Okay, it’s a lightweight job and it’s not even for my house. But after several months of heads-down work on a software task for my client, The Children’s Health Fund, I’ve got another DIY project. Maybe it will kick me back into gear to finish the cabinet doors and stained glass projects that have been dogging me all summmer. Well, some of it for a lot longer than that.
The job is stripping an old interior door and replacing its center panel with some sort of a screen. Karen is a licensed wildlife rescuer and needs this door so her animal room has adequate ventilation. She wanted to install an aluminum screen door but my relentless bleating about what a hideous scar that would leave on her old house succeeded. I suggested that she instead do some dumpster diving for a 30″ door and we’d modify it so it would at least have some architectural integrity with her old federal style house. She agreed.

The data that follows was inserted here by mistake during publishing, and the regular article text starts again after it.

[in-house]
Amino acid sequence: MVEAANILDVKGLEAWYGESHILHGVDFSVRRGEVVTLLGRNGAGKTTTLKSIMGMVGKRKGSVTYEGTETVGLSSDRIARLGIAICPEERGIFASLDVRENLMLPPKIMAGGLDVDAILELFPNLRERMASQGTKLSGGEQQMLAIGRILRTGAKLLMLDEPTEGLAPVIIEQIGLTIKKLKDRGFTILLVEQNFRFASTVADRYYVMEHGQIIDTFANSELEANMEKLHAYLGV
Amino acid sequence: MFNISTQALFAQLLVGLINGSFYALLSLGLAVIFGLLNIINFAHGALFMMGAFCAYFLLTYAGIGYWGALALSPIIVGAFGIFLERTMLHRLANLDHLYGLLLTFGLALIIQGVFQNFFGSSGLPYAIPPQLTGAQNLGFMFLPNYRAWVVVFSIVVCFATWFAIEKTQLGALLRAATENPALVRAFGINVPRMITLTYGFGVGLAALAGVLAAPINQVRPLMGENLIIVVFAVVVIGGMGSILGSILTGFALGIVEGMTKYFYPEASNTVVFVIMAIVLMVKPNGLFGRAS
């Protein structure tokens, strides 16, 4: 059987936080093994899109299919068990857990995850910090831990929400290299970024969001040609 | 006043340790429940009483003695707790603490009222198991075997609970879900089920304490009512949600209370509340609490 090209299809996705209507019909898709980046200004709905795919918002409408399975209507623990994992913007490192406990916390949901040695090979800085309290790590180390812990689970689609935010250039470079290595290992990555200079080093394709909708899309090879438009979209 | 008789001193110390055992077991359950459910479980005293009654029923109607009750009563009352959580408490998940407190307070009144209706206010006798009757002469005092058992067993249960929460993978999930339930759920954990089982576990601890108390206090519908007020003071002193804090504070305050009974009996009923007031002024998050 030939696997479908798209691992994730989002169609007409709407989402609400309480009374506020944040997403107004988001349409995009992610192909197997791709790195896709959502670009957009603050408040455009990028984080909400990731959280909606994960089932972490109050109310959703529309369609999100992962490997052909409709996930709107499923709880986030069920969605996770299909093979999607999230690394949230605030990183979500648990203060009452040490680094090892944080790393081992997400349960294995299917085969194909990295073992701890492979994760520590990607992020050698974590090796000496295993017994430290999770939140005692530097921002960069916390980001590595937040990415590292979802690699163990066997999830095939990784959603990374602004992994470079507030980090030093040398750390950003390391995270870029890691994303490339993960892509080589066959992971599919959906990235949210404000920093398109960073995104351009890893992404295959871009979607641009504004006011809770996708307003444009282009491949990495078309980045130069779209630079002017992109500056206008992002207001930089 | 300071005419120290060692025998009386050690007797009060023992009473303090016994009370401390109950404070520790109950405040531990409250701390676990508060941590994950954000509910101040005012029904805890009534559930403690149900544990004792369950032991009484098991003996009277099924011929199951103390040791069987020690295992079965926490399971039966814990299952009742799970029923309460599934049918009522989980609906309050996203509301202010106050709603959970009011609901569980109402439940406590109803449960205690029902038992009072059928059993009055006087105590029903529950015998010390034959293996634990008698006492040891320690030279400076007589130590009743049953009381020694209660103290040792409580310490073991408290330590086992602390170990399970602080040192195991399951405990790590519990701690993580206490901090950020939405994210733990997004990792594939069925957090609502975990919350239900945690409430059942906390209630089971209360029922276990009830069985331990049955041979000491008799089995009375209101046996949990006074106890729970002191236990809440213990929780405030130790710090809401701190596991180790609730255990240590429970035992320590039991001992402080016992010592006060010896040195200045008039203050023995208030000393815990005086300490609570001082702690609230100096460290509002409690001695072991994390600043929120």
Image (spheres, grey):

More importantly, I figured that would keep her busy until sometime next year, when she might forget all about it.
No such luck. She brought over the door on Wednesday. I noticed something strangely familiar about it until I realized it was MINE! I tossed this door out eight years ago, the week I moved here. My kitchen had one of those double-hinged swinging doors. These things are navigational hazards. I’ve always hated them. There’s either a hundred pound dog sleeping on the other side or the rebound smacks you in the head. It didn’t appear to be original to the house and the hinge hardware was broken so I chucked it.
What I didn’t know is that Karen had recovered it from my trash night and hauled it out to her sister’s house on Long Island. Sis wanted a door like this for her kitchen but it turned to be too narrow. So it sat in her garage for all these years.
Now it’s back home, at least temporarily.
It may not be original to the house but there’s still six to eight layers of paint on this door — so much so that I can’t tell if the center panel is wood or glass. Over the next couple of posts I’m gonna walk through a typical stripping job, or at least typical to me.
Then there will be an atypical butchery of an old door.